The last real steak

‘Last real steak’ is chapter 28 of Insights from the Future, a book I’m writing about technology, innovation, and people … from the perspective of the future. THIS IS NOT NEWS; IT IS A PROJECTION OF FUTURE NEWS. Subscribe to my newsletter to keep in touch and get notified when the book publishes.

April 11, 2037

It’s dark inside, like all good steakhouses. There’s some golden oldies playing, maybe Nora Jones, and someone will come tickle the ivory live in an hour or so. There’s a fine red wine on the table, and two dedicated customers.

Plus, of course, the last real steak.

It’s a historic moment at El Gaucho steakhouse in Seattle’s Belltown district. El Gaucho, which has been serving dead cow, chicken, lamb, and assorted other beast and fowl for generations, is serving the last seared piece of meat that originated in a living, breathing, thinking, feeling animal.

“I know it’s super-cliche, but this really is the end of an era,” head chef and general manager Ernesto Chang told me as I, along with 15 or more journalists, bloggers, and newsbots watched the table. “Starting tomorrow, no animal will have to die so that our patrons can eat.”

Since 2020 the Impossible Burger and Impossible Steak and Impossible chicken has become very possible. And from maybe five different providers there are now over 5,000 companies all over the planet that grow meat, chicken, fish, and dozens of other protein-rich foods in huge manufacturies. The new farm is in, as they say, a test tube.

All of the meat at El Gaucho will now be cruelty-free.

“The turning point for me was when the judges at the International Food Festival three years ago literally could not tell the difference between cultured meat and killed meat,” Chang says. “Then over the last two years, they started preferring the cultured meat.”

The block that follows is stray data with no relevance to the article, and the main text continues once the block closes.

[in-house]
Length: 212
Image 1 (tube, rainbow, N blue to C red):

As a chef, the new varieties of cruelty-free meat are better because they can be ordered precisely to spec: just the right fat content, just the right fat distribution, just the right tenderness, just the right texture, just the right thickness. You can now order your steak by number, and get exactly what you want, every single time.

That doesn’t satisfy everyone, and the natural steak lover enjoying his last meal of once-alive meat at El Gaucho is one of them. While experts say blind taste tests show lab-grown meat is either the same as or better than animal-derived products, traditionalists argue that there are indefinable taste, texture, and even health benefits to real meat.

But it has fallen out of favor.

Growing real meat at scale takes huge amounts of land and huge quantities of grains and water and other primary foods. Acquiring real meat at scale means killing and butchering animals in enormous quantities, requiring thousands of death factories all over the planet.

For most, the cost is too high.

The steak aficionado enjoying his last real steak won’t share his name. Eating real steak has gone out of favor in the past decade, and few now flaunt it or even admit to it openly.

“It’s a sad day,” he told. “This is an amazing steak, but it might be the last one I’ll ever eat.”

There is of course black market meat, bought and sold under the table like drugs. But the quality and freshness is, of course, impossible to regulate, and there are steep fines for non-FDA-approved foodstuffs. Plus, most of those who want meat are happy with the cultured product which is available anywhere and is much cheaper now than steak or chicken was historically.

And most, according to surveys, prefer it.

But last steak lover, as I’ve dubbed the anonymous man tonight in El Gaucho, says he’ll probably be back tomorrow. He’s not happy with the change, but … steak is steak.

And tomorrow, it still will be.

Again, this is a chapter of Insights from the Future, a book I’m writing about technology, innovation, and people … from the perspective of the future. Subscribe to my newsletter to keep in touch and get notified when the book publishes.

 


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